I didn’t want a group name that ties me to a particular place hence the name. I produced my first album in 1997 titled Umona which was well received. I worked with drummer Joseph Silwane who is from Gwanda and he also had songs on the album.
“I named my music Itshovatshova and introduced various flavors borrowed from other cultures. I never looked back after my debut album until now,” he said.
But how did he earn the name Madalaboy?
“I got the nickname Madalaboy from my producer, the late Tymon Mabaleka, when I recorded my first album and the song Umona. He wanted to know who this Madalaboy I was singing about was.
He thought I was singing about someone, but when I told him that person didn’t exist, he then gave me the name because he thought I was hiding something from him. That’s how I got that name and it stuck with me.”
During the economic hardship of the 2000s, Madalaboy said he stopped performing in live shows and instead helped people recording in Bulawayo before moving again to South Africa in 2001 where he sought employment. , but continued with the music.
The Thandaza hit-maker said he had to reunite with his teacher, Obedingwa Mguni in South Africa and they worked together in a nightclub as bartenders, but the late politician has improved academically, which saw him succeed in this country before returning home.
According to Madalaboy, they had discussed forming a band with the late Mguni before the formation of Ndolwane Super Sounds, but that did not materialize. They remained close friends even after Mguni returned home to be a full-time politician.
“I was inspired by two great musicians, Solomon Skuza and Leonard Dembo. I religiously followed their music and to a lesser extent, that of Ndux Malax. In all my compositions, I normally look at what we encounter in our daily life and try to use it, either by writing advisory songs or by writing songs that can encourage unity between people.
I’m proud of what I’ve done so far to give opportunities to young people because music is a passion,” he said.
Madalaboy said that there are few rhumba musicians who have not passed through his hands to see their knowledge of music transmitted and for fear of forgetting some of them, he does not want to mention the long list of those whom he helped.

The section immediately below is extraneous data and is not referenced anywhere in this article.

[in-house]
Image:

“I have 18 albums to my credit and four collaborations with Allen Ndoda. Two weeks ago I produced two singles from my upcoming album Bekutheni after fans requested an album.
The two tracks are Abafuni Ikhulunywe and Vimba. I will give fans more tracks until the whole album is out,” he said.
You have to listen to his music to understand the artist’s enduring power, hand and ear for quality production and his last two tracks bear witness to this.
Commenting on the Rhumba genre, Madalaboy said, “Rhumba music has grown in terms of recognition in different cultures.
However, it is on the technological level that we are far behind. We need to teach people about digital platforms. The companies that marketed and distributed our music for a long time have folded because of technology.
“Technology, although good, has killed our livelihoods because our fans are still being left behind as most of them still prefer buying CDs instead of accessing music on digital stores.
Selling CDs makes it difficult to distribute our music, so pirates profit from our sweat,” he said.
His eldest son, Handsome Kamanga is already an established guitarist after graduating from his father’s famous music school. He is one of the most sought after guitarists in rhumba circles while the other two boys and a girl make up his children.
The musician is popular for his clean shave and stage costumes as he never misses an opportunity to put on formal attire and look presentable whenever he is on stage.
Uncle Dalas likes traditional foods such as idelele and umfushwa, among others, and is not a picky person when it comes to food.
“I’m a simple person when it comes to food. The only thing I don’t eat is pork due to my religious beliefs as I am a member of the 12 Apostolic Church.
This will explain why I have a number of gospel songs on my albums. I am not a pastor, but just a church member who is very close to the Word of God.